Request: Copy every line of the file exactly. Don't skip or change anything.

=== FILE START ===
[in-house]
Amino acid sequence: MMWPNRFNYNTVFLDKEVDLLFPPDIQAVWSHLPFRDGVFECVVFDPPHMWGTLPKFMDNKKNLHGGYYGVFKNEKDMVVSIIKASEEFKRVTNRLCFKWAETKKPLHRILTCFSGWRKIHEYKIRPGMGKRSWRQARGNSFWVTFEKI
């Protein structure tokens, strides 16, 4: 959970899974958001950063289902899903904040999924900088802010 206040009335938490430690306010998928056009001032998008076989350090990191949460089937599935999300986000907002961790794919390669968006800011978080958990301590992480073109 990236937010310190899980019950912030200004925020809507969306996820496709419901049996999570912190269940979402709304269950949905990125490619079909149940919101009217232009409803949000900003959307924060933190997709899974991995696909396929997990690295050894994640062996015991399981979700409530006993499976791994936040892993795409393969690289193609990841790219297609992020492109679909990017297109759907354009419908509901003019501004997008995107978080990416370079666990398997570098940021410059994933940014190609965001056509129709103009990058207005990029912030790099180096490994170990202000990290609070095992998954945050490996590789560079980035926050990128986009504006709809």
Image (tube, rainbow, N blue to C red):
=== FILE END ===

[in-house]
Amino acid sequence: MMWPNRFNYNTVFLDKEVDLLFPPDIQAVWSHLPFRDGVFECVVFDPPHMWGTLPKFMDNKKNLHGGYYGVFKNEKDMVVSIIKASEEFKRVTNRLCFKWAETKKPLHRILTCFSGWRKIHEYKIRPGMGKRSWRQARGNSFWVTFEKI
């Protein structure tokens, strides 16, 4: 959970899974958001950063289902899903904040999924900088802010 206040009335938490430690306010998928056009001032998008076989350090990191949460089937599935999300986000907002961790794919390669968006800011978080958990301590992480073109 990236937010310190899980019950912030200004925020809507969306996820496709419901049996999570912190269940979402709304269950949905990125490619079909149940919101009217232009409803949000900003959307924060933190997709899974991995696909396929997990690295050894994640062996015991399981979700409530006993499976791994936040892993795409393969690289193609990841790219297609992020492109679909990017297109759907354009419908509901003019501004997008995107978080990416370079666990398997570098940021410059994933940014190609965001056509129709103009990058207005990029912030790099180096490994170990202000990290609070095992998954945050490996590789560079980035926050990128986009504006709809």
Image (tube, rainbow, N blue to C red):